based on a meta-analysis from more than 1,000 patients published in .
In the Peanut Allergen immunotherapy, Clarifying the Evidence (PACE) systematic review and meta-analysis,, of McMaster University, Hamilton, Ont., and colleagues reviewed 12 trials conducted between 2011 and 2018 with a total of 1,041 patients (median age, 9 years).
Overall, the risk of anaphylaxis was significantly higher among children who received oral immunotherapy, compared with no therapy (risk ratio, 3.12) as was anaphylaxis frequency (incidence rate ratio, 2.72) and use of epinephrine (RR, 2.21).
In addition, oral immunotherapy increased serious adverse events, compared with no therapy (RR, 1.92). Nonanaphylactic reactions also went up among oral immunotherapy patients, with increased risk for vomiting (RR, 1.79), angioedema (RR, 2.25), upper respiratory tract reactions (RR, 1.36), and lower respiratory tract infections (RR, 1.55).
Quality of life scores were not significantly different between patients who did and did not receive oral immunotherapy, the researchers noted.
The oral immunotherapy consisted of defatted, lightly roasted peanut flour in 10 studies, and a combination of peanut paste, peanut extract, or ground and defatted peanut in the other studies.
The oral immunotherapy did induce desensitization to peanuts in support of earlier studies including the subcutaneous immunotherapy trial, but “this outcome does not translate into achieving the clinical and patient-desired aim of less allergic reactions and anaphylaxis,” Dr. Chu and associates wrote.
However, “rather than take the view that these data denounce current research in oral immunotherapy as not successful, we instead suggest that this research has reached an important milestone in mechanistic but not clinical efficacy. From a clinical or biological perspective, the apparently paradoxical desensitization versus longitudinal clinical findings show the lability and unreliability of allergen thresholds identified during oral food challenges because patients often unpredictably reacted to previously tolerated doses outside of clinic,” they emphasized.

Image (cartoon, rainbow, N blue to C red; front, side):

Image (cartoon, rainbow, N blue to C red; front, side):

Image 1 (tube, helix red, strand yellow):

The findings were limited by several factors including the small sample size, compared with similar studies for asthma or cardiovascular conditions, and by incomplete or inconsistent data reporting, the researchers noted. However, the results are the most comprehensive to date, and support the need for food allergy treatments with better safety profiles, using peanut allergy immunotherapy as a model for other food allergies.
Dr. Chu and two other authors reported being investigators on a federally funded ongoing peanut oral immunotherapy trial. Two authors reported receiving a variety of grants from organizations such as the National Institutes of Health; the American Academy of Allergy, Asthma, & Immunology; or pharmaceutical companies.
SOURCE: Chu DK et al.